Anyone who dared a toe outdoors in July knew that the heat started in June turned up in July, which was an extreme weather month. Above-normal temperatures ruled with some record highs being broken. Some record lows were set, too.
In Atlanta, the monthly average temperature was 82.3 degrees F (2.3 degrees above normal), in Athens 83 degrees (3.2 degrees above normal), Columbus 85 degrees (3 degrees above normal), Macon 83.4 degrees (2.3 degrees above normal), Savannah 83.9 degrees (1.8 degrees above normal), Brunswick 84 degrees (1.6 degrees above normal), Alma 83.3 degrees (1.3 degrees above normal), Valdosta 84.2 degrees (1.8 degrees above normal) and Augusta 83.6 degrees (2.8 degrees above normal).
Record daily highs were set in several cities. Athens reached 103 degrees July 26, breaking its record of 101 degrees set on that date in 1925. Columbus broke its record July 26 with 99 degrees, breaking 98 degrees set on that date in 1993. Savannah broke record July 26 with 102 degrees, surpassing 101 degrees set in 1940. Brunswick hit 99 degrees July 30, breaking its 98-degree record set on that date in 1961. Several other record highs were tied.
The May-July period was the warmest ever for Atlanta, Athens and Savannah and the second warmest ever for Columbus.
Several record daily low temperatures were also set early in the month. Savannah with 62 degrees July 3 broke its record of 64 degrees set in 1965. Augusta broke record lows three days in a row with 59 degrees July 3, 59 degrees July 4 and 60 degrees July 5. Alma set a record low July 3 with 62 degrees, breaking its record of 63 degrees set in 1975.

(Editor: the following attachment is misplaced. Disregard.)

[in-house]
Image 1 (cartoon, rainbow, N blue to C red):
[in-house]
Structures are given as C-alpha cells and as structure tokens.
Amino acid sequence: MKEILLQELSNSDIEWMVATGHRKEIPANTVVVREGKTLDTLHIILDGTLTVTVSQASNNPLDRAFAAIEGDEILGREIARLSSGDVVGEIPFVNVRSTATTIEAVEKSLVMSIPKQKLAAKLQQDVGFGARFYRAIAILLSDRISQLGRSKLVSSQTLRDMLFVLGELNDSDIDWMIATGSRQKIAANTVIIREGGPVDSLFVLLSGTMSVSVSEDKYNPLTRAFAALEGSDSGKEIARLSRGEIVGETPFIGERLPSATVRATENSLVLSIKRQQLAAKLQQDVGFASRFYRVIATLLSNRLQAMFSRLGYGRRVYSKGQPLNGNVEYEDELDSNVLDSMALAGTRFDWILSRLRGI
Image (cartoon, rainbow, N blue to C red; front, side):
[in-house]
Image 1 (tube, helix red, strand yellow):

Most of the state received below-normal rainfall. However, a few isolated areas received rainfall that was significantly above normal, including areas in Coweta, Liberty and McIntosh counties.
The highest monthly total from National Weather Service reporting stations was 6.97 inches in Macon (2.65 inches above normal). The lowest was Athens at 1.40 inches (3.01 inches below normal).
Valdosta received 4.56 inches (1.87 inches below normal), Alma 2.51 inches (3.50 inches below normal), Brunswick 3.62 inches (1.19 inches below normal), Atlanta 4.37 inches (.75 inch below normal), Columbus 2.16 inches (2.88 inches below normal), Savannah 2.18 inches (3.86 inches below normal) and Augusta 5.86 inches (1.79 inches above normal).
A record daily rainfall was set in Brunswick, where 2.25 inches fell July 11, breaking the old record of 1.57 inches set in 1993.
The highest single-day rainfall from Community Collaborative Rain, Hail and Snow Network stations was 6.30 inches in Coweta County in west-central Georgia July 13. An observer in Franklin County received 6.28 inches July 2. The highest monthly rainfall total from the network was 12.25 inches in McIntosh County, followed by 9.33 inches from an observer in Coweta County.
Severe weather hit somewhere in Georgia on 17 days during the month. The vast majority of these reports were for high winds, including a report of a 76-mph wind at Moody Air Force Base in Valdosta July 28. A few reports of small hail were made. No tornadoes were observed.
Due to the almost daily occurrence of pop-up thunderstorms, there were many reports of lightning-caused damage across the state. July 27 alone, Gwinnett County firefighters reported more than 120 incidents, resulting in 14 house fires, 12 apartment fires and one business fire. One estimate indicated more than 1,000 lightning strikes in just 15 minutes in the Atlanta area on that date.
Two teens’ deaths were blamed on lightning that hit the tree they were standing underneath July 13 in Cobb County. Three heat-related deaths were reported, two in Bleckley County and one in Twiggs County.
The heat continued to stress crops and animals, particularly in areas that are not irrigated. Reductions in yield are starting to be reported in several crops.
(Pam Knox serves as University of Georgia Agricultural Climatologist with UGA Department of Crop and Soil Science.)
Georgia's June was hot and July was even hotter. Those who braved the outdoors were encouraged to hydrate often and take breaks from the intense heat.Download Image